This small city in northern Portugal is famous for the legend that lies behind the painted souvenir rooster of Barcelos. Judging by the number of giant cockerels dotted around the historical centre, this is still its main claim to fame but there are more things to do in Barcelos than hunt for ceramic fowl.
Here are my top tips for what to do in Barcelos.
1. See unique Barcelos pottery and ceramics
Barcelos craftspeople have produced many varieties of ceramics and pottery over the years, from earthenware pots to my personal favourite, the bushy-eyebrowed ladies.
The 15th century medieval tower in the centre of town has been renovated and is now used to display (and sell) ceramic figurines by various local artists. These make wonderful unique gifts and souvenirs of Portugal – I’m very pleased with my chicken seller figurine, which I actually bought at a craft fair in Aveiro.
Barcelos tourist information office also has an impressive array of ceramic figurines on display that reflect the range of styles and the local culture.
The Pottery Museum (Museu de Olaria), was initially a museum of regional pottery but it has since expanded its scope to include pottery from around Portugal.
2. Shop with locals at Barcelos Market
Noisy, chaotic and rich with colour and life, the weekly Thursday market in Barcelos attracts people from the Minho region to buy and sell all manner of things. The Barcelos market started life as an annual event in 15th century and remains an important element of the local economy and culture.
It also features high on many lists of what to see in Barcelos.
Just don’t expect much in the way of quality arts and crafts. You’ll find cheap clothes and shoes, fresh fruit and vegetables, lots of ceramics, lampshades, kitchenware, traditional tools and farming equipment as well as a few souvenirs and a smattering of handicrafts.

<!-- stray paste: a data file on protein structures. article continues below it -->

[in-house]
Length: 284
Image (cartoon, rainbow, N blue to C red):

3. Enjoy the outdoor collection at Barcelos’ Archaeological Museum
I love the fact that the Museu Arqueológico is not only free but puts the ruined Counts of Barcelos Palace to good use. It’s open to the skies and overlooks Barcelinhos across the river as well as a beautiful 15th century manor house.
The exhibits in this museum are made of stone and tiles and continue to withstand the elements centuries after they were made.
This is also where you’ll find the carved stone cross dedicated to the Lord of the Rooster (Cruzeiro do Senhor do Galo) which, according to the legend of the Barcelos cockerel, was erected by the poor fellow who only escaped death because of a rooster.
4. Go on a hike around Barcelos
Barcelos is one of the cities on the Portuguese Camino de Santiago so although Mike and I didn’t have time to venture much beyond the medieval bridge of Barcelinhos, we did notice several route markers and sweaty walkers as we wandered around the town centre. The main highlights of the Barcelos-Ponte de Lima stretch of the route are chapels, churches and bridges, as well as pretty countryside.
There are also plenty of other walks of about 3 to 4 hours duration (info in Portuguese) in the surrounding area that take in windmills, villages, rivers and forests.
Ask at the tourist information office about Percursos de Pequena Rota (PR) short walks or look out for the signs and coloured route markers. Don’t forget to take plenty of water with you as cafés and shops may be scarce.
5. Step back in time in traditional shops